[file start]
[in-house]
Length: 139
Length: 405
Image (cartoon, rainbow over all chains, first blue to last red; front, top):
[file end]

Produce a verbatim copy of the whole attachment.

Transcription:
[in-house]
Length: 139
Length: 405
Image (cartoon, rainbow over all chains, first blue to last red; front, top):